Bartender Pouring Drinks for CustomersYour life changed in that devastating moment when a drunk driver crashed into you or your loved one. Whether you suffered debilitating injuries or your loved one was killed, your life will never be the same. In addition to what you have lost, you are also facing astronomical bills to pay for medical care or funeral expenses. While no amount of money can turn back the clock to before the crash, compensation from the parties who caused the crash can help you focus on what matters most—your physical recovery or mourning your loved one.

Our skilled personal injury attorneys are proud to represent the victims of drunk driving crashes to help them recover what they deserve. We will not only hold the drunk driver accountable, but we will also investigate to find out if the driver was served alcohol in a bar or restaurant that should also be held liable.

When Is a Bar Liable in a Drunk Driving Crash?

Many states have laws on the books that hold establishments that serve alcohol liable if their patrons cause an accident that injures or kills people. These laws are commonly known as dram shop laws. South Carolina does not have a specific dram shop law in our criminal code, but the state does allow for holding bars and restaurants financially responsible for drunk driving crashes in certain situations. If the patron is under the legal drinking age of 21 or is intoxicated, it is illegal for the bar to serve them alcohol. If they do, the business can be sued for damages if that patron goes on to injure or kill someone.

How a Lawyer Can Prove a Bar’s Liability

Because most drivers in South Carolina only carry $25,000 in liability insurance—the minimum amount required by law, it is often necessary to look for additional sources of compensation in order to cover the extensive medical bills many drunk driving victims face. When we represent drunk driving victims, we always investigate what the driver did in the hours leading up to the crash. If the driver was drinking in a bar or restaurant (or they are underage), we will look for evidence that the bar is liable. Evidence we will look for includes:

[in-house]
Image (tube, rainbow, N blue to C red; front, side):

• Surveillance or cellphone video. Ideally, we will uncover video footage of the drunk driver in the bar showing signs that they were intoxicated while being served alcohol. South Carolina courts have said that the patron does not have to be visibly intoxicated (i.e., falling off a stool or behaving erratically) in order for the bar to be found liable, so footage of the driver proving that they were served many drinks over a short period of time could be sufficient evidence.
  • Receipts. Bar receipts or the driver’s credit card activity could also be used to show how many drinks were served over a given period of time.
  • Employee statements. Bartenders and servers who made the decision to serve the patron can be held individually liable, so they might not be willing to talk, but other employees might be willing to tell us what they saw.
  • Witness statements. Other patrons can be located and interviewed to learn about what happened in the establishment before the drunk patron left. Did employees offer to call a cab? Did the bartender try to take the driver’s keys? If not, the bar could be liable.
  • Blood alcohol testing. An analysis of the amount of alcohol in the driver’s blood can reveal vital information, such as how much they had to drink and how drunk they likely were as they were being served and when they left the bar.

South Carolina businesses that serve alcohol are required to carry $1 million in liability insurance. This is an important source of compensation for victims of drunk drivers who were served in a bar or restaurant.



Christopher Pracht
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Christopher Pracht is an experienced attorney at Pracht Injury Lawyers.
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